The candy we see on the shelves today isn’t what it used to be. Sour candy, for one, has evolved into more than just a sugary treat, but a game, one that marketing companies are targeting specifically toward children. And the effects of sour candy on kids’ teeth are proving to be particularly harmful.
The idea is to go “extreme,” with brightly colored packages that challenge kids to hold the candy in their mouths for as long as possible as the flavor intensifies from sour to eye watering. Oversized sourballs, candy in the shape of pacifiers, sour sprays, and miniature baby bottles filled with citric acid-laced powder are all the rave. They are also contributing to the growing prevalence of dental erosion. Here’s why:
“Extreme” sour candies have lower pH levels than soda. Citric acid, a common sour flavoring agent, is extremely erosive to tooth enamel. The sour candy game is designed to last, and the substance itself is abrasive, with starchy, gummy, and sticky consistencies that can demineralize the teeth over time.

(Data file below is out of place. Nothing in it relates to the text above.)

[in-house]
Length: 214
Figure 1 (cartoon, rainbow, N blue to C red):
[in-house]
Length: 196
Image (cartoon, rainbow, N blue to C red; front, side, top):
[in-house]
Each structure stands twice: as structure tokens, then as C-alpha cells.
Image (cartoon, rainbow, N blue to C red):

Erosion from acidic solids has been shown to take a toll on posterior teeth in particular, creating a cupping effect due to enamel loss. Sour candy is usually stocked in the front of the aisle. Next time you spy the interesting packaging styles and colorful labeling in the store, talk freely with the kids about the messages they contain. You may help curb the kids’ appetite for sour candies and sweets in general by ensuring that healthy alternatives like yogurt and fruit are readily available. Frequent brushing and keeping up with dental exams also help!
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